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North Carolina Teachers Take On Part-Time Retail Gigs

According to the U.S. Department of Education, data from a few years ago show that about a fourth of NC teachers work a part-time job.
Flickr user Mike Mozart
According to the U.S. Department of Education, data from a few years ago show that about a fourth of NC teachers work a part-time job.

In the popular teenage movie Mean Girls, there’s a scene where a few high school students spot someone unexpected at the mall.

“Oh my god, that’s Mrs. Norbury,” one student exclaims.  

“I love seeing teachers outside of school, it’s like seeing a dog walk on its hinds legs,” a second student adds.   

It’s their math teacher, played by Tina Fey. But she’s not shopping.

“No, actually I’m just here because I bar-tend a couple of nights a week,” she says.

Taking On A Retail Job

The image of an overworked teacher juggling different jobs is more than a movie trope.

“Hi, welcome to Ann Taylor,” Jill Rattinger says enthusiastically.

At Crabtree Valley Mall in Raleigh, Rattinger moves from the fitting rooms to the racks, hanging striped tweed dresses and folding bejeweled tops.

The seventh-grade teacher at Hilburn Aacademy in Wake County has been in education for 15 years.

So how did she end up at a women’s clothing store? Three months ago she was shopping here. The managers were helping her out, and they clicked.

“Yeah, I actually came here looking for an outfit for Open Parent Night, and then I ended up walking out with a job.”

NC Ranks 42nd In Teacher Pay

But she’s not just working here because she thinks the clothes are cute. Like many North Carolina teachers, she says she needed an extra job to help make ends meet.

“I have two kids in college and I’m a single parent and it’s really hard to have to pay for that, so I took this on to help them,” she explains.

Nationally, North Carolina ranks 42nd in teacher pay with an average salary of about $47,783.

The state also ranks dead last in terms of salary raises over the last decade (from 2003-04 to 2013-14), based on the latest National Education Association report.

According to the U.S. Department of Education, data from a few years ago show that about a fourth of teachers hold a second job.

‘Frustrating Not Being Able To Support Yourself In Your Career’

“I feel like in order not to breaking even, in order to not stress my finances, I do need a second job right now,” says Kacey Gray, a second-year teacher in Pitt County.

Gray, who makes $35,000 a year, initially quit her job at Old Navy when she became a teacher, then quickly realized she needed it.

“It’s just frustrating getting a college degree and not being able to support yourself in your career,” she says.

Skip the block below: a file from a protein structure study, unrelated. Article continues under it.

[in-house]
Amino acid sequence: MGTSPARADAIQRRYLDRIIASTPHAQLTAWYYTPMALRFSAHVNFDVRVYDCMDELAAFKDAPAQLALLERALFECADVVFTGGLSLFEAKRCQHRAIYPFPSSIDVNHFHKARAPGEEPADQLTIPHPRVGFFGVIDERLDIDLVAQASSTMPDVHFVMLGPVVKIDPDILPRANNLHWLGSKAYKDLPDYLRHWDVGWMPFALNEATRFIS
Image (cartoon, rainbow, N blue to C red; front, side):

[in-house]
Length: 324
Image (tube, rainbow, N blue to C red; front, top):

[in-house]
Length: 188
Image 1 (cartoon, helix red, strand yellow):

Sometimes she runs into some of her students and their parents at the store. 

“I feel like they understand, but at the same time I also feel like it kind of takes away from my professionalism.”

Gray’s colleague, Elyse Cannon, works at American Eagle Outfitters. The history and psychology teacher says some of her high school students will just pop in to say hello and that her job even comes up in class.

“They ask ‘why do you have to have a second job?’” Cannon says. “And I explain to them like ‘you know, it just the way pay is and it’s the way North Carolina is’ and it’s not to knock the state because I love our state, but it’s a little ridiculous sometimes.”

Cannon says she makes about $300 to to $400 extra dollars a month. She’s been engaged for two years now, still saving up money for a wedding.

Juggling Multiple Jobs

In Roanoke Rapids, Jeff Pageau works as a French teacher and when he gets home he has a second job teaching an online class. 

“I’ve got to grade and I’ve got to respond to emails and all this takes time, and it doesn’t sound like a lot, but you’d be surprise how much time it really does take,” he explains. 

Back at the mall, Jill Rattinger says she's come up with some creative time management secrets. In order to give her students thoughtful feedback, she brings their papers and her grade book with her to the store and tries to go over a few during her shift.

“Every free moment I get,” she says.

She doesn’t get a lot of them. In addition to teaching and holding this retail job, Rattinger has two other part-time gigs: she tutors and works at an aftercare program.


Reema Khrais joined WUNC in 2013 to cover education in pre-kindergarten through high school. Previously, she won the prestigious Joan B. Kroc Fellowship. For the fellowship, she spent a year at NPR where she reported nationally, produced on Weekends on All Things Considered and edited on the digital desk. She also spent some time at New York Public Radio as an education reporter, covering the overhaul of vocational schools, the contentious closures of city schools and age-old high school rivalries.
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